Making creative decisions using data, algorithms and artificial intelligence; it all sounds terrifying to people who make a living in the TV and film industry. At MIPCOM 2016 – a global TV conference held in Cannes, France – several speakers alluded to the industry’s distrust: ‘it’s an art, not a science!’
Running the numbers
When we think of data-influenced creative decisions we may think first of how Netflix used its enormous amount of data to ‘create’ hit series House of Cards. Of course, this isn’t exactly what happened. Netflix did use its data to see that films by David Fincher and films with Kevin Spacey had consistently performed well, as had the British version of House of Cards. So when the rights for the series became available, they went for it. Speaking earlier this year, Netflix CEO Reed Hastings explained: “We start with the data… But the final call is always gut. It’s informed intuition.”
Using data is not something new to the TV and film industries. As Sean Cohan of A+E networks pointed out during his keynote at MIPCOM, hit shows like Vikings and Ice Road Truckers were based on highly-viewed programmes in the past. The difference now is that we have a lot more data to work with.
One argument is that data-driven decision-making could also help the industry to be more diverse as producers can easily see who their audience is and what they like. YouTube’s Susanne Daniels sees this as the unique selling point of YouTube Red: “Over the last 11 years we have seen a rich mosaic of creators emerge as diverse as the global community who watch videos on YouTube every month,” she told the Cannes audience. Using data and feedback from the community, YouTube will support its biggest stars and genres – which might traditionally have been turned down by Hollywood – to make longer form content for its premium service.
Artificial intelligence in entertainment
During MIPCOM Euronews met Nadira Azermai, CEO and founder of ScriptBook, a company that uses artificial intelligence to analyse film scripts, compare it to a database of existing scripts and then assess its commercial value based on elements like the story structure and dialogue. Azermai admits that the technology is controversial with some filmmakers who have spent years picking scripts based solely on gut instinct but she maintains that they need to “re-educate themselves” about the benefits. Studios usually have a huge backlog of scripts and realistically many of these don’t get read. So the argument to critics is that, instead of restricting creativity, AI could actually mean lesser-known but brilliant scripts don’t get missed.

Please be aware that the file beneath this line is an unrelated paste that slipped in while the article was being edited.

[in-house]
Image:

Scriptbook – Hard science for a better box office https://t.co/qNGuDLFA5x— ScriptBook (@ScriptBook_io) 11 juin 2015
The services offered by The Fiction Lab seem to push this idea one stage further. The technology there promises to help producers, talents and studios satisfy and grow their audience using a blend of neuroscience and human science. In an extremely technical session given at MIPCOM, Professor Patrick Georges, a former brain surgeon, explained how they use 300 “special cognitive effects” to help clients make scripts more interesting and emotional for the target audience. For example, the software can point out a moment in a film where your script sounds ‘too written’, where you are lacking a ‘stress factor’ or where the story raises too many ‘complexity points’. The journalist moderating the session seemed dubious about The Fiction Lab technology, worrying that it will restrict creativity. Prof. Georges disagrees; he believes that this technology can help producers focus on the creative elements, knowing that they have minimized risk.
If it these AI developments work well, it’s hard to imagine why big studios would not be eager to sign up if it helps avoid repeating extremely costly box-office flops.